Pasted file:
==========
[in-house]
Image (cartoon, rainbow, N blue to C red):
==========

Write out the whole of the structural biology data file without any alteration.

[in-house]
Image (cartoon, rainbow, N blue to C red):